14:00 Wednesday 09 October 2013

Garden wildlife health

Written byAbbey Buxton

Help protect wildlife in your garden
Help protect wildlife in your garden
A new project that aims to monitor the health of British wildlife has been launched.

 

The Garden Wildlife Health project (GWH) is a citizen-science project that will identify and investigate disease threats to the wildlife in gardens across the country, focusing on garden birds, amphibians, reptiles and hedgehogs.

We now know that disease can cause declines in wildlife populations and can even be responsible for the extinction of some species.

For example, veterinary scientists at the Institute of Zoology previously identified the emergence of trichomonosis in finches in Great Britain, and saw the greenfinch population decrease by a third in the last few years due to this disease.

By expanding health surveillance to other species that commonly visit gardens; GWH aims to monitor trends in their specific disease, measure their impact, determine underlying causes and identify new and emerging threats.

The information collected will allow us to understand the distribution and impact of these wildlife diseases throughout the country and provide science-based information on wildlife conservation.

GWH is a collaborative project between the British Trust for Ornithology (BTO), Froglife, the Institute of Zoology (IoZ) at the Zoological Society of London and the Royal Society for the Protection of Birds (RSPB).

It is funded by Defra and the Esmee Fairbairn Foundation. In additon, the GWH partners collaborate with a range of universities, governmental agencies, and non-government conservation organisations, including the British Hedgehog Preservation Society.

Recent surverys suggest that hedgehog populations in Great Britain have been declinging at an alraming rate, making them one of GWH’s top priority species.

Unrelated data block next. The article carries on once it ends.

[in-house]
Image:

Thus far, habitat loss and fragmentation,decreased prey availability and road kill appear to be some of the major factors involved.

Through GWH we will investigate if disease (either infectious or non-infectious, such as poisoning) is an important cause of hedgehog population decline.

In order to colelct information on hedgehogs, and other garden wildlife, a web-based wildlife disease surveillance system site has been created.

This allows anyone to register and report a disease incident in their garden (www.gardenwildlifehealth.org).

It will aslo allow you to register other sites if you wish to report something outside your garden.

This will allow the creation of a nationwide map showing where and when disease and mortality incidents occur.

Every report will contribute to this national database of wildlife disease.

If a freshly dead hedgehog (or any other of the listed spicies) is found, it can be made available to the specialist wildlife vets at the IoZ.

They will then conduct a post-mortem examination and further laboratory test to determine if a disease component might have been associated with its death.

The reports will be made available to the submitter as will any relevant information on what to do to keep the hedgehogs visiting your garden healthy.

For more information visit: www.gardenwildlifehealth.org

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